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From Springfield: “Eddie” puts his employees in business

Dave Denney (Top Left), Megan Watson (Top Right), Don Briggs (Bottom Left), Adrian Woodson (Bottom Right), Joe Guinn (Middle)
Tom Stafford
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Six weeks before Donald Trump was elected, the Pew Research Center found that Springfield was the most devastated of Rust Belt cities. Between 1999 and 2014, the median income of the city fell an astounding 27 percent, more than any metropolitan area in the country. WYSO contributor Tom Stafford

Tom Stafford: In 2020, 50 employees of Valco Industries, which fabricates metals, and A&E Coatings, which coats them, were called to a meeting. With owner Ed Leventhal in his early 70s, it seemed a safe bet that the company’s future was on the agenda – and with it, the employees.

Dave Denney: There were a lot of people nervous.

Tom: That’s Dave Denney.

Dave: I’m in shipping, 16 years.

Tom: Sales Engineer Bob Wilkerson wasn’t worried at all.

Bob Wilkerson: I knew Eddie was too loyal to the employees and to the community to sell the company or move it out of town.

Tom: Employees gathered at Mother Stewart’s Brewer in Springfield recently as the company celebrated its first anniversary under an Employee Stock Ownership Plan – an ESOP. Here’s why Ed Leventhal made that choice.

Ed Leventhal: It ensured that the people working there would continue to work there and provided a vehicle to increase their wealth by becoming owners of the company.

Tom: Leventhal had other reasons as well. He has seen local companies sold and either relocated or closed by out of town owners. He also saw Springfield lose 20,000 people – one fourth of its population – when manufacturing moved overseas.

Megan Watson: Put it in the blue cup, please. Fold it up and put it in the blue bowl.

Tom: At the party, Megan Watson was telling people how to enter prize drawings. Most days, she is responsible for accounts payable and receivable, and her Human Resources duties put her in regular contact with all the employees. She calls the attitude toward the ESOP positive.

Megan: I think it’s exciting for all of us. It’s certainly a benefit for our future and our families’ future. A lot of people see it as an additional retirement savings program.

Tom: Employee owners accumulate company stock with years of service – stock that will supplement their Social Security and a continuing 401 K program upon their retirement.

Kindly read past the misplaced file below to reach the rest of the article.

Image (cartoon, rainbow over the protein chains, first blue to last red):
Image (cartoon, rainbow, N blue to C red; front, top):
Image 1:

Megan: You know, the better we do, the better we perform, the better we are in the long run financially.

Tom: People were split over that incentive’s overall appeal. Soon to retire, Senior Fabricator Michael Hughes said that retirement was the last thing on his mind when he was young.

Michael Hughes: I look at it like younger people don’t see the future, as I didn’t, when I was young.

Tom: That difference introduces an element of potential conflict spelled out by Don Briggs.

Don Briggs: You pay attention to what everybody else is doing around you because if someone’s goofing off, they’re taking money out of your pocket.

Tom: Cody Evans, a 30-year-old press brake operator, says buy-in tends to come with age.

Cody Evans: For a lot of us that have families, we see the real value in that. I’m grateful that Eddie decided to go that route.

Tom: For the new owners, 45-year-old Joe Guinn represents the many people who work to live rather than living to work. Asked if his 10 years on the job have gone quickly, he said.

Joe Guinn: Sometimes yes, sometimes it feels like I’ve been there 30 years already. That’s probably going to be anywhere.

Tom: He’s nonetheless a versatile asset.

Joe: I’ve done millwork, the break press, the stamping press, assembly, shipping, I’m training on the laser.

Tom: Adrian Woodson, 42, grinds and sandblasts metal parts every week with his children’s futures in mind. When it comes to the ESOP, he says so far, so good.

Adrian Woodson: Ain’t nobody in here thinking like we’re bosses, like telling people what to do or whatever. We just make a little more money on the side that don’t see until the end of the year.

Tom: Because the industry and its work will change, Megan Watson said the company will need to communicate more regularly and thoroughly with its new owners.

Megan: If there’s new machinery, how are we going to work more efficiently or do we have new customers that’s going to benefit ? I think there’s more questions being asked.

Tom: Future managers might also note what Leventhal has been doing: To make the long term benefits of an ESOP more apparent, he put a year’s worth of stock earnings into employee accounts up front. He’s also explaining to young workers how much retirement money they sacrifice if they leave for a pay increase $1 or 2 an hour before they’re vested. Both are part of an encouraging, management style developed over the years by a guy they all call

VOICES: “Eddie,” “Eddie,” “Eddie.”